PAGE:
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Sign reading Sabbatical pointing to the right with a flower underneath it

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What is one expected to do during their sabbatical? I am currently on my first-ever research sabbatical. Before this academic year, I had never had the luxury of taking a break from my everyday work routine and focusing on my research. While I understand my vast privilege, I have spent several sleepless nights worrying about the expectations I set for myself this year.

My research is not progressing as I had hoped, and I am not living up to the plan I carefully laid out when applying for a yearlong leave. My difficulties with writing have led me to ask, what are realistic expectations one should have for their sabbaticals? Are sabbaticals at all about rest or only about productivity?

As a scholar of ancient Jewish literature, I know the origins of a sabbatical year. It is the concept of the weekly day of rest extended to every seventh year. Every seventh year, a seven-year agricultural cycle is interrupted. The break’s purpose is to rest the land so it becomes fertile again and produces new fruits. But the concept of the rest is even more revolutionary: animals are also set free and loans are forgiven, allowing those in debt to start over. Everyone is given the chance to rest and start anew.

But in today’s working life, the purpose of a sabbatical year is not as explicit or clear. Websites that discuss taking a sabbatical year and its benefits promote it as time to study or to travel. Generally, a sabbatical allows you to take on activities you do not typically have time for because of the constraints of your job.

The goals of academic sabbaticals, however, are different. Most of the policies on sabbaticals in Northern American universities that I have read indicate that the sabbatical should somehow contribute to the career of the faculty member and their future value for the university.

Indeed, the policies usually refer to sabbaticals as time to ramp up productivity. While the rationale of a sabbatical appears to be to contribute to the institution’s future, policies do not encourage investing in personal well-being. Many universities refer to sabbaticals as study or research leaves. Academics on sabbatical do not usually teach, and their administrative workload is often lighter than usual. The expectation is that the time gained from these duties is to be spent on research and, in fact, to accelerate it.

The challenge is that the nature of academic work is poorly suited for a half-year or one-year break from the usual routine to start something new. Academic projects are usually planned long in advance. It takes a lot of time to apply for funding, and publishing pipelines can take years. As it is difficult to take time away from already scheduled work to focus on something else, academic sabbaticals often provide the desperately needed additional time to finish unfinished projects rather than creating something new and innovative.

My sabbatical allowed me to travel to work in a different environment for a year. But while the view from my window now differs from the one I have in my office space, the view inside my head is just as it was before the sabbatical: I need to finish a long list of tasks that takes my energy, so it is hard to focus on something new.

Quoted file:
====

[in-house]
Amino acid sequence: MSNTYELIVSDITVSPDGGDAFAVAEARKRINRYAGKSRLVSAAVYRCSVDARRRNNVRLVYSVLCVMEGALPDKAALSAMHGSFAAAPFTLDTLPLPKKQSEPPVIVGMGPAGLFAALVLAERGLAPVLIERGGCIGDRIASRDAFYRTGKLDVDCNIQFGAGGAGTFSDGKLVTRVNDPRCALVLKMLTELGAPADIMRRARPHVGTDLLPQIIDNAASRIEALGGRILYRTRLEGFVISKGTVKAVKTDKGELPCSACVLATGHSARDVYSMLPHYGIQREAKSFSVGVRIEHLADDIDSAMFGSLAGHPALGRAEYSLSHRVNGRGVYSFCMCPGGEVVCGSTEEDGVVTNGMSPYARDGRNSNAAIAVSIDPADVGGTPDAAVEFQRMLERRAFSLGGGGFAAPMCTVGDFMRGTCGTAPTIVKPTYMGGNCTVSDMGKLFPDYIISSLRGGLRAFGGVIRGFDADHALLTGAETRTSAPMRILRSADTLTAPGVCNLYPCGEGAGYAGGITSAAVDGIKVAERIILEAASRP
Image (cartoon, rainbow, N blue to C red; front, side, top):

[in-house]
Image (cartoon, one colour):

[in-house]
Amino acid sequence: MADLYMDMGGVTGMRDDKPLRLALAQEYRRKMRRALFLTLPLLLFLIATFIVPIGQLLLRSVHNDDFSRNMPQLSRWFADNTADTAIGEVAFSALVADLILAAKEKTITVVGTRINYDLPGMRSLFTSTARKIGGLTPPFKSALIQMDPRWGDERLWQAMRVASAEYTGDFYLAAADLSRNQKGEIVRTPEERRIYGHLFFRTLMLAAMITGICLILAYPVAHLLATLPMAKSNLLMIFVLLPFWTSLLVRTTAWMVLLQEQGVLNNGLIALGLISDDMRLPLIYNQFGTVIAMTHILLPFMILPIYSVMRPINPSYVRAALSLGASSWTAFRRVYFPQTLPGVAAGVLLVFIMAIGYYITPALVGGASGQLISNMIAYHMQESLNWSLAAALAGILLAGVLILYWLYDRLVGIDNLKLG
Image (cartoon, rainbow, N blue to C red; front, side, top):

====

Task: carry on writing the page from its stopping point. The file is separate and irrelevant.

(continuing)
Realistic Expectations and Honest Conversations

For some of us, a change in our routines may bring some creative power. Others, however, suffer under the assumption that we need to produce more than before. A senior colleague told me some years ago how they wrote one article every month during their sabbatical. My productivity has been far from that pace, and hearing about others’ efficiency makes me feel like a slacker.

One way to resist such unfair comparisons is to determine realistic individual goals for the leaves. Setting clear goals could help not only academics but also their home institutions be more satisfied about sabbaticals. This could mean not only writing a plan for the sabbatical months in advance but also tweaking it when needed. Faculty members could also work with the department chairs and other academic administrators to identify their actual needs—for instance, rest. These and others could be concrete steps toward not assuming that sabbaticals are just time to produce more.

I also would welcome some discussion about whether the sabbatical fundamentally serves the institution or the individual. For instance, which is more important, writing a proposal for a new project, publishing articles or gaining new skills? Or are these all valued equally?

Further, it is possible to have goals that benefit both the individual and institutions—for instance, a new long-term research project—but those goals must be identified. In such a case, people need to accept and agree that the fruits of the project will only be available later. What’s more, the faculty members may need additional resources and support, such as research assistance, to start the project.

Finally, people in leadership roles should consider whether simply resting, the fundamental element of the biblical sabbath rules, is a part of an academical sabbatical. Many faculty members are still dealing with pandemic burnout and backlogs with postponed projects, so it may not be realistic to assume everyone can continue producing without taking some pause.

Moreover, hard evidence shows that rest increases creativity. Therefore, why couldn’t—why shouldn’t—faculty members actively include some downtime and space for reflection in their sabbatical year plans? Again, college and university leaders need to have more honest discussions with their faculty members to determine the answer.

Hanna Tervanotko is associate professor at McMaster University, a public research university in Hamilton, Ontario, Canada.

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